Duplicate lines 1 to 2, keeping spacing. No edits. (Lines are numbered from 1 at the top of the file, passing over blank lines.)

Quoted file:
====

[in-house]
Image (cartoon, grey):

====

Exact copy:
[in-house]
Image (cartoon, grey):